News / Science & Technology

Scientists Create 700-Year Model of Asian Monsoons

Cloud forests in the mountains of Vietnam's Bidoup Nui Ba National Park contain conifer species, including Po Mu (Fokiena hodginsii), that can live for a thousand years or more
Cloud forests in the mountains of Vietnam's Bidoup Nui Ba National Park contain conifer species, including Po Mu (Fokiena hodginsii), that can live for a thousand years or more
TEXT SIZE - +

Half the world's population is affected by Asian monsoons, yet the rainy seasons are notoriously hard to predict.  But U.S. researchers have put together a 700-year record of the Asian monsoons they hope will guide forecasters.  

Every summer, India, East Asia, eastern Africa, Indonesia and northern Australia are drenched by moist air masses called monsoons, which are pulled in by a high pressure area over the Indian Ocean and a low pressure area to the south.  

A monsoon will typically begin with no warning sometime during June, July or August, or instead of non-stop rain there may be drought conditions, which can spell disaster for subsistence farmers.

Edward Cook of the Lamont-Doherty Earth Observatory at Columbia University in New York says the complex, interrelated nature of the climate systems across Asia makes monsoons hard to predict.  He says climate records date to 1950, too recent and not detailed enough to be of much use.  

So researchers led by Cook spent more than 15 years traveling across Asia locating trees old enough to provide long-term records.  They measured the rings inside of the trunks of thousands of ancient trees at more than 300 sites.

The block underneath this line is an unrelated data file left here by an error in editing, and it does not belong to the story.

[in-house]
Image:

The investigators put together a Monsoon Asia Drought Atlas documenting monsoons over a 700-year period, beginning in the 1300s.  

Cook says the tree-ring data indicate periods of wet and dry conditions.

"If the monsoon basically fails or is very weak one year, the trees affected by the monsoon at that location might put on a very narrow ring," explains Cook.  "But if the monsoon is very strong, the trees affected by that monsoon might put on a very wide ring for that year.  So, the wide and narrow ring widths of the tree chronology that we developed in Asia provide us with a measure of monsoon variability."

Armed with such a sweeping set of data, researchers say they now can begin to refine climate computer models to try to predict the behavior of monsoons, according to Cook.

"Because the system is kind of coupled, in other words, there is nothing really truly, completely independent about those areas with respect to monsoon variability, having the information in any given year about the monsoon variability in all those regions at the same time might help us produce a more robust model for explaining how the Asian monsoon system works," he said.

Eugene Wahl is with the U.S. National Oceanic and Atmospheric Administration's paleoclimate branch, which studies weather patterns over the history of the Earth.  

Wahl says the Monsoon Asia Drought Atlas is a major accomplishment, filling in a major data gap on monsoons, which affect the lives of one half of the world's population.

"There has been widespread famine and starvation and human dying in the past in large droughts.  And on the other hand if the monsoon is particularly heavy it can cause extensive flooding.  So, to get a sense of what the regional moisture patterns have been, dryness and wetness over such a long period of time in great detail, I would call it a kind of a victory for paleoclimate science," he said.

An article describing the Monsoon Asia Drought Atlas, and accompanying commentary by Eugene Wahl, is published this week in the journal Science.   

You May Like

Algerians Vote in Presidential Election

There were few media reports of protests and clashes around the country, but so far no significant violence More

Sharks More Evolved than Previously Thought

The discovery could “profoundly affect our understanding of evolutionary history” More

Pakistan Military Asked to Protect Polio Workers